October thoughts

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October began with a Song after Suicide – my first ever video post. The group Twelve 24 wrote their song: Turn the Page in response to the death by suicide of our friends’ daughter (which I blogged about back in September).

From thoughts of loss and grief, to thoughts of thankfulness. In my job, it’s impossible to avoid harvest at this time of year – and, anyway, who would want to avoid it? This wonderful annual festival led to some harvest thoughts  about those things we might each be thankful for and whether we have any surplus to share with those in need.

Having had the blog up and running for a month I posted on the bloginning experience so far before moving swiftly on from blog to bog with a brief thought about the lack of basic latrine facilities faced by so many people in our world today. This far from bog-standard post provided the perfect opportunity to include a shout out for one of my favourite new charities this year: Tearfund’s Toilet Twinning.

A review of a fairly typical Sunday in this urban vicar’s life made it possible to showcase the true messiness that is Messy Church. October’s messiest activity award went to the extremely popular grape-crushing activity – carried out much as it might have been done in Jesus’ time. And the churchwarden drank the juice to prove just how delicious it was. Yes, really!

There was a Blog Action Day around the middle of the month with a focus on inequality, which provided a real opportunity to highlight some of the inequalities in the lives of the youngest people in our world with a call to remember, in the face of such poverty and inequality of opportunity, that Every Child Matters.

I was delighted to accept a nomination for the One Lovely Blog Award – not bad going for a newbie blogger whose stated aim at the outset was simply to journal a few thoughts on the journey through life.

Anyway, buoyed up by this recognition, I took up the Daily Post writing challenge to produce a Genre Blender which resulted in an attempt to combine something that might very loosely be called the genre of historical fiction with the form of an open letter. And so I found myself writing to Paul, aka Saul of Tarsus, and asking him a few questions I think many Christians today would love to know the answers to.

On the book front, I continued with my two long reads – one fiction, and one non-fiction – actually begun back in September.  But there was also time to fit in a couple of shorter reads, including the Book of Boaz which really impressed me.

A few days’ family holiday created a bit of a gap in my posting, and so here we are now at the end of the month. The blog bloginning may be over but the blogging journey has only just begun. I’m already excited to see what thoughts November will  bring?

And how was October wherever you are? I’d love to hear a few thoughts about it.

Blogging Jeremiah: the first post

Blogging Jeremiah – I must be mad! He’s one of the longer Old Testament/Hebrew Scripture prophets and the weeping one to boot, so he’s not usually a barrel of laughs to read. But that’s what I’ve decided to do, starting here and now.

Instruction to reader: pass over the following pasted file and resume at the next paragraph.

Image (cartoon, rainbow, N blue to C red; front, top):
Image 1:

Why? Why this book? Why now and why blog it all?  Well, a whole heap of reasons come to mind:

Firstly, I have a blog – for the third time of asking – yes, three attempts to make a bloginning on the blogging front this year. And I’ve now been posting regularly for a couple of months and am starting to test out a bit more what the blog’s purpose really is or should be. Blogging about Bible readings has been on my mind since the start.

Jeremiah because someone prayed with me earlier this year and prayed words from this prophet as they did so. At the time, I committed to re-reading the book but I still haven’t made time to get beyond chapter 2.  I think the challenge to write a daily post will help me stick with my commitment and will also help me really think through what I’m reading and the message I’m hearing.

Since I’ve been blogging, I’ve come across NaBloPoMo (National Blog Posting Month) where bloggers take up the challenge to post each day for the month of November. I’ve been wavering about whether to join in, but now I’m thinking, ‘Why not?’  Here’s the perfect opportunity to read and blog through a book of the Bible – though unless I read more than a chapter a day, it will take me a lot more than a month to read right through Jeremiah’s 52 chapters.

And finally, it’s worth just saying that I’m setting out simply to write my thoughts as I read through this ancient text for myself. These blog posts are not intended to be a new scholarly commentary on Jeremiah – others have that ground covered in ways I never will. Nor am I trying to tell anyone reading my posts what this text might be saying to them. This is pretty much a vicar preaching to herself – aiming simply to answer the question: What is this bit of the book of Jeremiah saying to me in this place at this time? I may well draw on things other people have written, but the idea is simply to blog a few of my own thoughts each day and to encourage comments and discussion from anyone else out there who happens to read my various posts.

Each day I’ll start my reading by answering three basic questions, that I find a helpful way in to any Bible reading:

  1. Which word or phrase particularly grabs my attention?